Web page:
PDEs Are Integrators of Different Signaling Pathways

Initially, it was thought that the different signaling pathways were organized as a linear sequence of steps functioning in parallel and that each extracellular signal would activate its own pathway. The last 10 yr of investigation of signaling have completely revolutionized this view. Signaling pathways are composed of nodes and branches, and different pathways are meshed into an intricate network of crosstalks. The concept of combinatorial signaling has been put forward to underscore the almost infinite number of second messenger combinations that control cell function. This organization of the signaling machinery accounts for the pleiotropic effects that hormones, neurotransmitters, and cytokines have on cell function. An increase in cAMP not only changes metabolic activities, but also regulates gene expression and differentiation, cell shape, and motility, as well as entry and exit from the cell cycle. These regulations are mediated by changes in virtually all the signaling pathways operating in the cell. Because PDEs are regulated by multiple second messengers, they function as a branching point in a signaling pathway and allow the integration of cyclic nucleotides pathway with other pathways. Here we provide the most relevant examples of this function.

3.2.1. PDE1 and Ca2+ Signaling

By virtue of their ability to be regulated by the Ca2+-calmodulin complex, PDE1s serve to integrate the Ca2+ signaling pathway with the cyclic nucleotide dependent pathway. In cells where a PDE1 is expressed, an increase in cytoplasmic Ca2+ causes an activation of the PDE hydrolytic activity, with a consequent decrease in intracellular cyclic nucleotide concentration. This, for instance, has been observed for the muscarinic cholinergic signaling pathway (Fig. 5) (Erneaux et al., 1985; Harden et al., 1985). Muscarinic receptors are coupled either to adenylyl cyclase inhibition through a Gi-protein or to phospholipase C (PLC) activation through Gq. In spite of the fact that two signaling pathways are activated, in both cases a decrease in intracellular cAMP is produced. In those cells where cholinergic agonists stimulate PLC, phosphoinositol (PI) turnover, and inositol tri-

Cyclic nucleotide-O!factory receptor gated Channels

Cyclic nucleotide-O!factory receptor gated Channels

Ctt *-calmodulin regulated PDE

Fig. 6. Mechanism of regulation of PDE1 in the olfactory neurons. Some olfactory neurons express receptors coupled to the cyclase ACIII through a unique G protein (Golg). The cyclic nucleotide gated cationic channels are sensitive to the intracellular cAMP concentration. PDE1C is localized in the cilia, where receptors and cyclases are located. The Ca2+ influx which follows the opening of the channel, activates PDE1C, causing the termination of the stimulus.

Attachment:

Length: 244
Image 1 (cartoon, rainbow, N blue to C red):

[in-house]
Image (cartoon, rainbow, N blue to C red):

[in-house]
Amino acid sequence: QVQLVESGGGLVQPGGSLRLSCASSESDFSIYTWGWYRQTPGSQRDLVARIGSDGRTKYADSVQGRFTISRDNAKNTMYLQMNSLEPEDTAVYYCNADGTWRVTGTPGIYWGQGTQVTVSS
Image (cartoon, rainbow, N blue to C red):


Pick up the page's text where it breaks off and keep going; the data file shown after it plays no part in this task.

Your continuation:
phosphate (IP3) production, the resulting increase in intracellular Ca2+ causes the activation of a CaM-PDE. The increase in activity of this enzyme, in turn, produces a net decrease in cAMP concentration, as observed in glyoma cell lines and in the thyroid. In many instances, as in smooth muscle cells, the increase in Ca2+ and the decrease in cAMP have synergistic effects in stimulating contraction.

The cyclic nucleotide signaling in the olfactory system is remarkable because of the time frame in which it operates. While in endocrine cells cAMP increases minutes after peptide hormone stimulation, the cyclic nucleotide spike develops in milliseconds in the olfactory epithelium (Boekhoff and Breer, 1992). It is believed that these rapid responses are possible because of the presence on the olfactory ciliae of cyclic nucleotide gated channels and CaM PDEs in close proximity to the olfactory receptors coupled to cyclases (Fig. 6) (Beavo, 1995; Juilfs et al., 1997). The local increase in cAMP opens a cyclic nucleotide gated cation channel causing an influx in Ca2+. In turn, the Ca2+ influx activates PDE1C, causing a rapid return of cyclic AMP to basal levels. This rapid and transient response is thought to be critical for the correct spatial and temporal perception of the olfactory cue, a discrimination particularly important in animals.

3.2.2. PDE2 and Integration of cGMP and cAMP Regulated Pathways

The two classes of PDEs that are sensitive to cGMP (PDE2 and PDE3) integrate the cyclic GMP and cAMP signaling pathway. In several cells, ligands signal through an increase in intracellular cGMP concentration and also indirectly through changes in cAMP levels. This is, for instance, the case for the atrial natriuretic peptide (ANP), a peptide released by the cardiac atrium, which plays an important function in electrolyte homeostasis. It is established that the major effects of ANP on natriuresis are mediated by the inhibition of aldosterone secretion. In the glo-merulosa cells of the adrenal cortex, ANP binds to and activates a membrane-bound guanylyl cyclase, thus stimulating cGMP production (Fig. 7). It has been shown that the increase in cGMP causes an activation of the cGS-PDE (PDE2) abundantly expressed in the adrenal glomerulosa cells (MacFarland et al., 1991). This cGS-PDE activation causes a decrease in cAMP, inhibiting signaling through this pathway. This type of crosstalk has been proposed to mediate the antagonistic effects of ANP on ACTH-mediated aldosterone release. A similar signaling pathway is thought to control epinephrine release by chromaffin cells of the adrenal medulla (Whalin et al., 1991).

Conversely in other cells such as platelets or smooth muscle cells, an increase in cGMP is associated with a concomitant increase in cAMP (Maurice and Haslam, 1990). In general, cells in which cGMP and cAMP have synergstic effects express a cGI-PDE (PDE3), an enzyme that hydrolyzes predominantly cAMP. Although cGMP can be hydrolyzed by PDE3, the velocity of the reaction is one order of magnitude lower than that for cAMP, so that cGMP, in essence, functions as an inhibitor. An increase in cGMP concentration in these cells therefore blocks cAMP hydrolysis, thus promoting its accumulation. This mechanism is thought to play a role in nitric oxide (NO) signaling and in the control of the vascular smooth muscle tone. In platelets, aggregation is prevented by both an increase in cGMP or cAMP.